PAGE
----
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What is Astigmatism

Astigmatism
Astigmatism is probably the hardest vision problem to explain.  Hopefully, we can clear your understanding of it.  Like farsightedness or nearsightedness, astigmatism is a refractive issue, meaning that it is not an eye disease or eye health problem; it is a problem with how the eye focuses light.
If you have astigmatism, light that enters your eye fails to come to a single focus.  Instead, multiple focus points occur, causing blurry vision.

What causes Astigmatism?
The most common reason is that the front part of the eye, called the cornea, is not round, but shaped more like an American football.  This causes light to be “bent” differently into different focus points when it enters the cornea.  Think of it like having a stronger and weaker lens combination or a distorted lens, therefore, light is not uniformly focused.
Astigmatism frequently occurs with other refractive issues such as myopia, frequently called nearsightedness and hyperopia, frequently called farsightedness.
Most glasses prescriptions have some correction for astigmatism.  The specific cause of astigmatism is not known.  It can be hereditary. It can increase or decrease over time.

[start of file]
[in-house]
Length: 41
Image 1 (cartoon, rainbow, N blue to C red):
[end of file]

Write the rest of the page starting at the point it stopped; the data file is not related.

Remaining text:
How to treat Astigmatism
Part of a wellness eye exam is to determine if you have astigmatism.  This part of the eye examination is called the refraction.  This gives us the “formula” or prescription for the astigmatism as well as the myopia or hyperopia. Compensating for this prescription will enable you to have the sharpest vision.  There are various ways to compensate using this prescription.  The most common way is glasses.  Another very common method is contact lenses.  There are two major options for treating astigmatism.  A non invasive corneal procedure is called orthokeratology, ortho-K for short.  The patient wears a series of specially designed rigid contact lenses that gradually reshape the curvature of the cornea.  The other major option is laser surgery. The surgery reshapes the cornea by removing corneal tissue, thus reshaping the cornea.
Patients, who have had astigmatism for many years, and need cataract surgery, now have the option of the implantable intraocular lens to compensate for their astigmatism, thus potentially eliminating the need for glasses at distance.

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